- Kim Maddox’s granddaughter, Ariel, was born with cleft lip and palate.
- A pediatrician told Kim that Ariel would die because she had so much trouble eating.
- This is Maddox’s story, as told to Kelly Burch.
This as-told-to essay is based on a conversation with Kim Maddox. It has been edited for length and clarity.
When my granddaughter Ariel was born, she came home to my house. My son and Ariel’s mother knew that caring for their new baby would be a massive challenge: Ariel had been diagnosed with cleft lip and palate by ultrasound.
From the beginning of Ariel’s life, I have been her primary caregiver. I learned how to feed her with special bottles that had an extended nipple and reached all the way to the back of her throat. Still, when she ate, formula would spill from her nose and mouth; we were lucky if half of what we fed Ariel made it into her tiny belly.
One day my husband called me, panicking. He was at the pediatrician with Ariel’s mom. The pediatrician told them that Ariel wasn’t gaining weight and that she was going to die. I left work and flew to the pediatrician, but when I got there the doctor told me to calm down. I saw red. I’d just been told my baby was dying, and they had the nerve to tell me to calm down? I told her she was fired, and I took Ariel to the emergency room.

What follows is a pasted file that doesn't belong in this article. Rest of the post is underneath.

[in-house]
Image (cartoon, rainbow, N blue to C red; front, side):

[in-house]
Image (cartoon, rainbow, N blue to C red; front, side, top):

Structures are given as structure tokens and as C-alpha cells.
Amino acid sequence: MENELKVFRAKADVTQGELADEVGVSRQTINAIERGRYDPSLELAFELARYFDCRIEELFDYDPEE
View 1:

I started driving 15 hours for better care
At the ER, doctors weighed Ariel and reassured me that she wasn’t dying. The doctor told me we were doing everything right, but that we just had to do it more often. Ariel’s feeds took about an hour and a half, and we had to feed her every two hours.
I was so relieved, but that experience with the pediatrician showed me I would need to be very active in Ariel’s care. Before that, I had tried to do research, but I hadn’t known where to start. Our new pediatrician told us to get in touch with Shriner’s Children’s Hospital in Ohio. It was a 15-hour drive from our home in Georgia, but once you’ve heard somebody say your child is dying, it doesn’t matter how far you have to drive.
Ariel had her first surgery at Shriner’s when she was 3 months old to correct her lip cleft. Formula still came out of her nose when she ate, but it was a much smaller amount. When we walked through the door for a follow-up appointment, the doctor said Ariel was a perfect weight. After that, I knew she would be OK.
Now, Ariel is driving
Since then, Ariel has had more surgeries. Today, she’s a typical 4-year-old who loves telling stories, playing ball, and swimming. When you look at her, you wouldn’t even know she had cleft lip and palate. She has the tiniest lisp when she’s tired or excited, but the doctors say she’ll grow out of it.
My heart breaks for other parents and caregivers who are where I was in those early days: knowing they need help, but not knowing where to turn. Now, Ariel and I have a personalized support team at Shriners. When I call, they put me right through to anyone I need to talk to, whether it’s a nutritionist or a therapist.
I tell other parents to remember why they’re advocating. Ariel empowered me. This is about my grandbaby, my angel. No one is going to tell me whether she lives or dies. If you give up on her, as that pediatrician did, you’re not worth having around. I’ll find someone who moves heaven and earth to make sure she’s alive and thriving.